Never said the current system was great or efficient.
"Now, when your flight's coming in to land, you can order a ride on your cellphone"
At 3AM? What if no Uber drivers feel like working that shift? Maybe they do, but you can't just leave it up to chance. Edge cases matter and you still haven't answered how to handle them except waving your hands saying it will be ok.
The problem of having no taxis available at all hours was solved via regulations and the medallion systems. Just solve that problem with Uber and it's a non-issue. Problem is nobody seems willing to do so.
'Efficient' means some people don't get served because they aren't a profitable customer.
Taxis in a major city are effectively a piece of the transportation infrastructure. In DC, a single company is contracted to serve Dulles airport. Why? Because it isn't profitable for a lone taxi to sit at the airport at 3am on the off chance someone might need a ride.
It's an edge case, but when applying infrastructure to a city you need to serve everyone, subsidizing the expensive with the cheap.
If Uber is able to cherry pick only the profitable (efficient) customers the existing Taxis end up with only the unprofitable customers and go out of business. Now what? Do you *require* Uber to have people standing by at the airport at 3am? Hell is there even anyone on call at 3am? At what price?
These are questions nobody here seems to ever want to answer in the defense of the new and shiny.
Exactly. Perhaps comparing the GPS locations of the car and of the phone may help.
Or in the simplest case, are the 'relay' devices 1 way or 2 way? Having a back and forth handshake would at least require 2 way communication...or have something that requires a some delay that allows your phone to notify you and give you the option to say 'no' before it unlocks itself (and of course alert you that hey someone is unlocking your car!).
The exact way it was handled? They talked to him and determined he wasn't a threat. Keep monitoring for hints of actual plans but until then he's just a lunatic ranting...which isn't a crime or many of us would have incarcerated grandparents.
on the raising of capital front, indeed the recent years have shown a remarkable trend toward the little guy being able to do this effectively and nimbly. A very good development.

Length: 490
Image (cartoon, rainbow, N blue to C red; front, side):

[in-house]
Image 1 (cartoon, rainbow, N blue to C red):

Implicit assumption #2: The selling of the patent actually transfers something useful towards the actual innovation
The innovation itself is entirely separate from the patent. One is real, the other is an entirely made up legal construct - so no the patent isn't going to do anything to the actual innovation. Except encourage people to innovate because there is some possible 'reasonable' return on their effort; which is the point no?
And yet, you almost never see cases of someone selling a patent to encourage development of some new technology
Never said that. Being small enough that you can't adequately bring it to market is an entirely valid reason for selling the patent. Some people are 'idea people' who are better suited to coming up with new innovative ideas but aren't good at bringing it to market. They should be given protection shouldn't they?
If they want to try and fail to bring something to market...that's up to them, but selling their patents to someone who can would seem to be a way to encourage yet more innovation.
It's a reasonable argument whether this is truly *needed* anymore, but it does encourage innovation. As to whether the existence of patent trolls negates that encouragement...perhaps, but simply throwing out the patent system entirely wouldn't be a great thing either.
The 'knowledge transfer' also likely doesn't happen if someone figures something out in the garage but doesn't take it further because they won't see any return from the effort.
The internet and modern connectivity are certainly helping people transfer vast amounts of knowledge without the patent system, but I would disagree that it isn't still a useful tool to be used.